Neil Gaiman,
Anansi Boys
(Morrow/HarperCollins, 2005)

Long anticipation ran expectations high and that adorable little pixie-elf of an author, Neil Gaiman, did not fail to deliver with Anansi Boys. All of the fun, drama, mythology, characterization and utter allusiveness are here in massive doses as Gaiman, full of witty and whimsical vinegar, is in prime (and primal) form as he tells his tale of the two sons of Anansi, the African spider trickster god.

The young boys, Spider and Fat Charlie (who curiously is not in the least overweight), are awesomely inept and never quite comfortable in their skins, despite the deific genealogy they share. Their adventures in coming to terms with their parentage, their godhood and each other are archetypal and resonate with readers in heart-filling ways.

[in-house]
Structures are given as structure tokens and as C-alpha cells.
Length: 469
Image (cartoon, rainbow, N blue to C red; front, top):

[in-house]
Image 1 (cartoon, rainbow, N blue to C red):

But underlying a great story with a great plot and hugely great characters, this work is about stories and their inexplicable, inexorable, ineffable and ineluctable entanglement in the human condition. The novel itself is peppered liberally with the traditional Ananzi stories. Amazingly, the book is literature at its most sophisticated and yet the simplest, earliest, most quintessential of human stories. It is a most satisfying reading experience.

by Stephen Richmond
17 December 2005

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